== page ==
The parameters for that, says Shiel, changed a number of times as we were planning it. “We just had to adapt and respond.” This shifting sands affected “when we could do it, when we could start, when and where we could rehearse, when we had to get people in, because of quarantine. And, financially, what size of audience are you going to get, what kind of income you can earn. Budgets have had to be reshaped.”

And, crucially, “artistically, the whole project has been reshaped.” The opera, a harrowing exploration of the life of Rosemary Kennedy, sister of JFK, had rave reviews at Galway International Arts Festival last year.

“We’ve decided to do it without a live orchestra. We’re offering a new, digital, surround-sound style experience, with a prerecorded orchestra. We’re hoping for the audience to experience something like a high-end movie experience, where sound could be coming at you from anywhere. It gives us something new to say, a new way to deliver it. But everything had to be planned and replanned and changed. Every week, almost, there was a different plan about how we would manage to get there.”

Fasciati interjects. “I think we were from the beginning a fairly flexible company – as in, we’re not tied down to an opera house, or a full-time chorus or orchestra, which is what has allowed the company to implement Fergus’s artistic vision. But now, in the Covid situation, we have to be even more flexible than we were. Once we got over the loss of Carmen and Seraglio, we started planning the online mini-series in April, at a time when everyone was still in a state of shock at the whole country being in lockdown. I think now we’ve gotten used to this new way of working. We have to be flexible. We have to change plans.

“And our partners, be it artists or venues or festivals or funders, have been very understanding. People know that we’re going into this in a situation where who knows what will happen in three weeks. Like there might be another lockdown and we’d have to cancel. We have to at least try.”

As Sheil points out, the situation “could change. It could make things better or worse.”

Stephanie Dufresne and Naomi Louisa O’Connell in Irish National Opera’s Least Like The Other, Searching for Rosemary Kennedy in association with Galway International Arts Festival in the Black Box Theatre. Photograph: Pat Redmond
Stephanie Dufresne and Naomi Louisa O’Connell in Irish National Opera’s Least Like the Other, Searching for Rosemary Kennedy in association with Galway International Arts Festival in the Black Box Theatre. Photograph: Pat Redmond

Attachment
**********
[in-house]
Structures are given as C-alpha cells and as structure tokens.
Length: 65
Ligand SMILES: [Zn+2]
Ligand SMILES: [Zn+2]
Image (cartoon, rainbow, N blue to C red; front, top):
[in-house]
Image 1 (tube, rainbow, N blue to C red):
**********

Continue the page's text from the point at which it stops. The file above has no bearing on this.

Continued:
How has the curve of the company’s development been affected by the drastic changes enforced by the pandemic?

“It is a young company,” says Sheil. “We started in 2018. But thank God we didn’t start in 2020. If this had been our first year we would have been cut off at the knees, as it were. Although we’re very young, I do feel we’ve built up a certain amount of capital – with the Arts Council, with our funders, with our supporters, our audiences, the artists, with festivals and with venues. People trust and and know us. We want to grow and grow. But we’ve already had a great first two years. I feel we have a little something to stand on.

“I’ve always loved the idea that opera can be versatile and exist in unusual spaces. In my past, with Wide Open Opera, I did things like outdoor operas on the streets of Dublin – Things We Throw Away in 2014 and 2015 – and we’ve been involved with the street-art opera, He Did What?, and community operas. There’s always a challenge. We need to be able think outside the box. The current situation is going to force a pause for the larger-scale productions, and give us an opportunity to add to the breadth of our artistic voice.

“So I feel somewhat positive in that regard. We’re going to learn a lot more about putting opera on in unusual situations. And separately from all of this, we were already developing a virtual-reality opera.” He sees all of this “paying dividends down the road, when we get back to the larger-scale operas again”.

“The great peril for the company,” says Fasciati, is one that all organisations face. “That is the survival of the artists and the other personnel who make art happen. Because they can’t make a living at the moment. We have to protect the artists and the technical personnel and the creative teams who work in opera and theatre and dance and in the visual arts. We have to ensure the audience survives, that the audience is there next year and the year after.

“An economic crash would be really detrimental to the company. The best thing the Arts Council could do at the moment is to tell companies, for 2021 you will have the same grant you had in 2020. That would give everyone some peace of mind and making planning possible.”

He catches himself on, then adds: “Of cours,  an increase would be better.”

Irish National Opera will unveil its full new season on Tuesday, September 22nd. Brian Irvine and Netia Jones’ Least Like the Other is at the Dublin Theatre Festival from Friday 25th to Sunday 27th. See dublintheatrefestival.ie